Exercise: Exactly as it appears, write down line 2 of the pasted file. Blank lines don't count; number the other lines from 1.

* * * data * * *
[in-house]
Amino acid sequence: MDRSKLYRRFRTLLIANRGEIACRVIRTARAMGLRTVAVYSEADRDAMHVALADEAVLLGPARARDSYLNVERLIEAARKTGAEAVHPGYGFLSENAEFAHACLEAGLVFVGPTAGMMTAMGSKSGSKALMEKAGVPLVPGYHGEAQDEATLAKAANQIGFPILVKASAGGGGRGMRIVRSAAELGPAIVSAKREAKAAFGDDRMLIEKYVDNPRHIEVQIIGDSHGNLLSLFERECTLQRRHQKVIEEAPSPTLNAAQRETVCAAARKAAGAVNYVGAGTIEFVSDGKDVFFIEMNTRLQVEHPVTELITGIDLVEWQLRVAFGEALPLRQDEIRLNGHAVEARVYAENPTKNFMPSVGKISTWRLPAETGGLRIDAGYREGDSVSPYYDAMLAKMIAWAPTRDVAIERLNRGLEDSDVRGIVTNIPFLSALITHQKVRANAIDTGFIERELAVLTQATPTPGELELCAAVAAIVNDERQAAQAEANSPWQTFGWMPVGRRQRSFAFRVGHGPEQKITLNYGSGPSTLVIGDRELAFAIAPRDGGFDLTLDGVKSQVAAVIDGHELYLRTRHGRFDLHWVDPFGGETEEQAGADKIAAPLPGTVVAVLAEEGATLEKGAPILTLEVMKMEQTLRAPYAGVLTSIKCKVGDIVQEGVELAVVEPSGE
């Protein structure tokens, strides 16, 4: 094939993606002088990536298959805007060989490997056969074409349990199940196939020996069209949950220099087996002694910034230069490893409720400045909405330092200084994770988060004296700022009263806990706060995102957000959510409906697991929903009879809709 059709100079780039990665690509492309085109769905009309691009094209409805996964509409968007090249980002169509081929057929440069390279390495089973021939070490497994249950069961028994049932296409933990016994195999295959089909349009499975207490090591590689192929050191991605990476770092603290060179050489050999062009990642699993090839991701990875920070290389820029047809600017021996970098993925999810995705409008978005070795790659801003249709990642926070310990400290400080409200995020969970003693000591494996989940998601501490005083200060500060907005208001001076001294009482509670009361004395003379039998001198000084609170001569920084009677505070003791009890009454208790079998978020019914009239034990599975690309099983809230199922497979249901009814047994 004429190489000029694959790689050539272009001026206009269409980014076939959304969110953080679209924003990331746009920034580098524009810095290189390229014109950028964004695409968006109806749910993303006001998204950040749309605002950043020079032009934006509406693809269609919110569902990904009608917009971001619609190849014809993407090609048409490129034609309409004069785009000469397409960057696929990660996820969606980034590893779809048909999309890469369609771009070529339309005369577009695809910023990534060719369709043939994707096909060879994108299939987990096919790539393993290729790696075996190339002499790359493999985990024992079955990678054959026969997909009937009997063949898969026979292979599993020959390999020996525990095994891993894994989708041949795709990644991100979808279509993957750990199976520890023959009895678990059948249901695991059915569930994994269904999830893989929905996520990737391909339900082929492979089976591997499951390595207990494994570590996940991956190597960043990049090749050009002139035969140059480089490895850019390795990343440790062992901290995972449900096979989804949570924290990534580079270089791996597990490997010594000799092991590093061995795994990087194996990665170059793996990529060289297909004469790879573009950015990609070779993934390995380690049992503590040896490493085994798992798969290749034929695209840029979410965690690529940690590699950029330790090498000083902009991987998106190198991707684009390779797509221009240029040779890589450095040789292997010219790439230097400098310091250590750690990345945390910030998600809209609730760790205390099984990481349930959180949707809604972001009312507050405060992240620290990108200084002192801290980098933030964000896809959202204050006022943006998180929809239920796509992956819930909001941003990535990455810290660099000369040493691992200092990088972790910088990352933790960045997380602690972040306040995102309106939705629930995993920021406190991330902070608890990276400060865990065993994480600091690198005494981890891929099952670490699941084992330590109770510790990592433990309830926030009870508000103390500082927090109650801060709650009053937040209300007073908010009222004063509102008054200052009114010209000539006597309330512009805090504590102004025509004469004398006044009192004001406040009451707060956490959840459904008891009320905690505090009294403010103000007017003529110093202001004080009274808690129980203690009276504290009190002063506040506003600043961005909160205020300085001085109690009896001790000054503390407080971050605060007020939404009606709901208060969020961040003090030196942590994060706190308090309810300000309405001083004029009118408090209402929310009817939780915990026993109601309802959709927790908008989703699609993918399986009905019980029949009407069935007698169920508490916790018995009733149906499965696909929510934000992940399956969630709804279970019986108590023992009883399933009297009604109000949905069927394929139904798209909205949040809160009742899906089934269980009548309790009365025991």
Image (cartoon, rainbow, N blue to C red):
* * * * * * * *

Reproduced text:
Amino acid sequence: MDRSKLYRRFRTLLIANRGEIACRVIRTARAMGLRTVAVYSEADRDAMHVALADEAVLLGPARARDSYLNVERLIEAARKTGAEAVHPGYGFLSENAEFAHACLEAGLVFVGPTAGMMTAMGSKSGSKALMEKAGVPLVPGYHGEAQDEATLAKAANQIGFPILVKASAGGGGRGMRIVRSAAELGPAIVSAKREAKAAFGDDRMLIEKYVDNPRHIEVQIIGDSHGNLLSLFERECTLQRRHQKVIEEAPSPTLNAAQRETVCAAARKAAGAVNYVGAGTIEFVSDGKDVFFIEMNTRLQVEHPVTELITGIDLVEWQLRVAFGEALPLRQDEIRLNGHAVEARVYAENPTKNFMPSVGKISTWRLPAETGGLRIDAGYREGDSVSPYYDAMLAKMIAWAPTRDVAIERLNRGLEDSDVRGIVTNIPFLSALITHQKVRANAIDTGFIERELAVLTQATPTPGELELCAAVAAIVNDERQAAQAEANSPWQTFGWMPVGRRQRSFAFRVGHGPEQKITLNYGSGPSTLVIGDRELAFAIAPRDGGFDLTLDGVKSQVAAVIDGHELYLRTRHGRFDLHWVDPFGGETEEQAGADKIAAPLPGTVVAVLAEEGATLEKGAPILTLEVMKMEQTLRAPYAGVLTSIKCKVGDIVQEGVELAVVEPSGE